In September of 2011, we left our home in Evergreen, Colorado to move to a new home in Bratislava, Slovakia. A six-month work assignment grew to a year, then two. It morphed into two years in Budapest, Hungary.
Then I came home.
We kept going.
Moved to France.
Moved back home.
Our grandson battled cancer and survived.
Cancer. Covid. We all survived.
I won’t recount these ten years; it’s captured in this blog. Still, a bit of reflection seems in order. Hopefully, this handful of life lessons will suffice.
One of my first—and fondest—memories of Bratislava was the ubiquitous presence of Skittle-colored blankets piled in cafés or restaurants around town. My favorites were in coffee shops on the old town square. At first, it was hard to embrace this custom, to wrap myself a well-worn blanket which had wrapped untold strangers before me.
Then one day, as my Slovak girlfriend cuddled into a lime-green blanket while we huddled over coffee one blustery fall day, I tried it. Witness the birth of one of my favorite Central European rituals—to sit cocooned in a blanket of dubious lineage while reading a good book on a centuries old square.
It’s a quirky custom that I miss on days like today. It’s 52 degrees in Paris as I write this. Shortly, I’ll dress in head-to-toe black: A poofy vest, cotton sweater, warm pants, fuzzy socks. In the absence of a lime-green blanket, I’ll swaddle myself in a buttery croissant. Alas, I’ll get by.
Lesson one: Wrap yourself in the local culture—literally and figuratively. It’s why we travel, right? Not to watch, but to participate. Simply put: Do it all.
Perhaps a few weeks into our time in Slovakia, we found a music shop and went inside. There we met Igor. He offered us a coffee; we said yes. Little did we know that a lifetime friendship would form which would grow to encapsulate both of our families. We travelled with them. They travelled with us.
Next spring, we plan to return to Bratislava. I can’t wait to see Igor and Vlasta. To check out the renovation of the Albrecht Home. To see how much their grandson has grown.
As I look back over the last ten years, what I remember most are the people: pub patrons and publicans, peripatetic Americans, pig killers, pétanque players, neighbors, the photography obsessed, and the fashion obsessed. Many of them have remained in our lives. We love them all.
Lesson two: Make friends along the way. Local friends will educate you. Compatriots will moor you. (Who else better understands the significance of a shared Thanksgiving meal than a fellow American?) If chosen well, they all will enrich you. Cast a wide net.
The benefit of a wandering life is also it’s greatest challenge. Moving is intoxicating. Moving is debilitating. When your physical home becomes amorphous, you have to build your foundation with a new set of skills. From the pragmatic knowledge of how to navigate planes, trains and buses to the rote drudgery of finding a temporary home and minimally kitting it out, it takes a wholly different skill set to manage—and embrace—this type of nomadic existence.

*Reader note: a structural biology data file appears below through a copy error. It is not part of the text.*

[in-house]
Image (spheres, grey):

When we received a phone call shortly after midnight in Paris that our three-year-old grandson was seriously ill, my muscle memory took over. By morning, we had two plane tickets home and a house to live in once we got there. Months later, when we needed to move immediately and indefinitely to Philadelphia for further treatments, these skills kicked in again.
For a long time, I had worried that this itinerant life wafted between self-absorbed and silly. I had never considered that these skills were mission critical until these skills, in fact, became mission critical.
Lesson 3: Learn to deal with change and adapt. Remember that the most frustrating issues of daily life in a new country are little more than niggling inconveniences. The ability to deploy at a moments notice is a real and valuable skill.
Now, we have downsized to a 350-square-foot apartment in Charlottesville, Virginia. A bump out behind a bungalow is our indefinite base. Everything we own is stashed in the basement in a few boxes—mostly photographs, Christmas ornaments, and camping things.
Once upon a time, we lived in a big house with all the stuffings and I loved it. I love this more.
Lesson 4: Physically distilling our possessions to the minimum has been thrilling. If you get your buzz through travel—or through other object-free pursuits—consider it.
Recently, a young woman shared a poem that was one of her father’s favorites. Her father was a gem, a member of our fraternity of swimming parents. Three years ago, he died suddenly in his late 60s. Had I been the author of this poem, it would have sufficed for this blog post.
It’s called Ithaka by C. P. Cavafy, and I’ll quote a section of it here.
Keep Ithaka always in your mind.
Arriving there is what you’re destined for.
But don’t hurry the journey at all.
Better if it lasts for years,
So you’re old by the time you reach the island,
Wealthy with all you’ve gained on the way,
not expecting Ithaka to make you rich.
Lesson 5: Life isn’t a destination; you’ve gotta love the journey.
This post is for everyone we’ve met along the way. You’ve made us rich.